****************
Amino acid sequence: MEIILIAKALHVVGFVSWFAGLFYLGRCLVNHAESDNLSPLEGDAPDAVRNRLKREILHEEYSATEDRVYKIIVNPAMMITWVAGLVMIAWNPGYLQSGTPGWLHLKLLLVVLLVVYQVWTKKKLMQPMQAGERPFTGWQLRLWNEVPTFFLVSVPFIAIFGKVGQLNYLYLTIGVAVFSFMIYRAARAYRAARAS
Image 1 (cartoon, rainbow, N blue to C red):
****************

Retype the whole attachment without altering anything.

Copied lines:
Amino acid sequence: MEIILIAKALHVVGFVSWFAGLFYLGRCLVNHAESDNLSPLEGDAPDAVRNRLKREILHEEYSATEDRVYKIIVNPAMMITWVAGLVMIAWNPGYLQSGTPGWLHLKLLLVVLLVVYQVWTKKKLMQPMQAGERPFTGWQLRLWNEVPTFFLVSVPFIAIFGKVGQLNYLYLTIGVAVFSFMIYRAARAYRAARAS
Image 1 (cartoon, rainbow, N blue to C red):